Chinese Cucumber (Trichosanthes kirilowii)

Perennial Climber
Common Name Latin Name Plant Family
Chinese Cucumber
Trichosanthes kirilowii

An oil from the seed is used for lighting[178].

  • Medicinal Use

    This plant is commonly used in Chinese herbalism, where it is considered to be one of the 50 fundamental herbs[218]. Recent research has isolated a protein called ‘trichosanthin’ in the roots and this is undergoing trials as a possible remedy for AIDS[238].

    Skin, vulnerary[174, 178].

    The leaf and the stem are febrifuge[218].

    The fruit is antibacterial, anticholesterolemic, antifungal, depurative, emollient, expectorant and laxative[147, 174, 176, 178, 238]. It is used in the treatment of pulmonary infections with yellow and thick sputum, chest pains, stuffy feelings in the chest, constipation and dry stool[176]. It has an antibacterial action against E. coli, Bacillus dysenteriae, B. typhi, B. paratyphi, Pseudomonas, Vibrio cholerae, V. Proteus etc[176]. The fruit is traditionally prepared as a winter soup to ward off colds and influenza[238]. The fruit is harvested in the autumn and dried for later use[238].

    The rind of the fruit is used to treat a number of ailments, including cancer, jaundice, retained placenta, bronchial infections with thick phlegm and sore throat[176, 218, 238].

    The seed is antitussive, emollient and expectorant[218].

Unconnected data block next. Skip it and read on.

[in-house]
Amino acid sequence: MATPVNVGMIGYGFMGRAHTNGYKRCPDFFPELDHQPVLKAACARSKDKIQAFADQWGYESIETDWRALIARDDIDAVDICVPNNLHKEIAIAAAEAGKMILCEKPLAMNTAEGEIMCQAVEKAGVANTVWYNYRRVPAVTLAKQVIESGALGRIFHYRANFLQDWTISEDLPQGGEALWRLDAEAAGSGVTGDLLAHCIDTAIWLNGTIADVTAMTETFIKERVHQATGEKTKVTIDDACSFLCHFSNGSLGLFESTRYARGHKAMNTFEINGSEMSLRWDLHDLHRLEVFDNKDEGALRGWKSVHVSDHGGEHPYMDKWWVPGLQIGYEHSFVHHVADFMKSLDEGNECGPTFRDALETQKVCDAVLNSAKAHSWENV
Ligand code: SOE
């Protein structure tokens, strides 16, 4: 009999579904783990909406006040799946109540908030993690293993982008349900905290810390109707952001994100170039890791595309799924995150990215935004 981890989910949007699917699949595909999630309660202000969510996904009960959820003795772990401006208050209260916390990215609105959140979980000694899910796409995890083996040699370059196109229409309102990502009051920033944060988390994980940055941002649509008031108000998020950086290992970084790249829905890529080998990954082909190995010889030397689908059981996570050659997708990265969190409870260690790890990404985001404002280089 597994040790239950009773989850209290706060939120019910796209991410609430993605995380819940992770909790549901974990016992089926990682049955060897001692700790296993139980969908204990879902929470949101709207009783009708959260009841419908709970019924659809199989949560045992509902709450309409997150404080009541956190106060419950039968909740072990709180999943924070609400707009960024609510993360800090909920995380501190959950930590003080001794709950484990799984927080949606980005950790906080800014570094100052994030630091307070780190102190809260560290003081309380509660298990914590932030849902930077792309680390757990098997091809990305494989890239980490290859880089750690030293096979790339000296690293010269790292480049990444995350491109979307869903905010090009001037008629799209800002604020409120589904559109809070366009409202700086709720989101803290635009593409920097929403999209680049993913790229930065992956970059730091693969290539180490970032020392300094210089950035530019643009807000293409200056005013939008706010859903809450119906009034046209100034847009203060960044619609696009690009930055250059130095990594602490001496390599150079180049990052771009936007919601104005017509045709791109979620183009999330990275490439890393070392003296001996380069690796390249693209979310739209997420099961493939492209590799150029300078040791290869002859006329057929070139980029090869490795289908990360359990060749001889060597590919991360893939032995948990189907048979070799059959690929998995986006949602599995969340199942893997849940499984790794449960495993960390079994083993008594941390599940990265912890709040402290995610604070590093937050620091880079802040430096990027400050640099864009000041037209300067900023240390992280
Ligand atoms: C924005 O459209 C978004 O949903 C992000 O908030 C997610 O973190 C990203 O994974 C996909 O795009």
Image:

The root is antibiotic, anti-inflammatory, febrifuge, galactogogue, laxative, oxytocic, sialagogue and uterine tonic[147, 174, 176, 178, 218, 238]. The fresh root has been noted for centuries as an abortifacient – a sponge soaked in its juice was placed in the vagina and induced an abortion in the second trimester of pregnancy[218]. The root is taken internally in the treatment of diabetes, dry coughs, and to assist in the second stage of labour[176, 238]. The root is harvested in the autumn and dried for later use[238].

    The root and/or the seed is powdered and used in the treatment of mammary cancer[218].

  • Edible Use

    Fruit[183]. The young fruits are pickled[177]. The pulp of older fruits is eaten[179]. Mature fruits are about 10cm long[200].

    Leaves and young shoots – cooked and used as a vegetable[177, 183].

    An edible starch is obtained from the root[183]. It requires leeching[179], which probably means that it has a bitter flavour[K]. The root is harvested in the autumn, cut into thick slices, soaked for 4 – 5 days in water, changing the water daily until the root disintegrates and can be mashed into a fine pulp. It is then steamed into cakes or used for making dumplings[177, 178, 179].

    An edible oil is obtained from the seed.

  • Cautionary Notes

    None known

Cultivation & Habitat

Seed – sow March in pots in a warm greenhouse in a rich soil. Sow 2 – 3 seeds per pot and thin to the strongest plant. Grow them on fast and plant out after the last expected frosts. Give some protection, such as a frame or cloche, until the plants are growing away well.
Requires a rich well-drained soil and plenty of moisture in the growing season[1, 200]. Sometimes cultivated in China for its edible fruit and medicinal uses. Male plants are favoured for root production[238]. This species is not winter hardy in Britain and usually requires greenhouse cultivation[238]. However, it may be possible to grow it as an annual in a very warm sheltered bed outdoors[1]. A climbing plant, supporting itself by means of tendrils[238]. Dioecious, male and female plants must be grown if seed is required[238].
E. Asia – China, Mongolia, Vietnam.

Become ungovernable, break the chains of the matrix; grow and forage your own food and medicine.

*None of the information on this website qualifies as professional medical advice. Take only what resonates with your heart and use your own personal responsibility for what’s best for you. For more information [brackets] [000], see bibliography.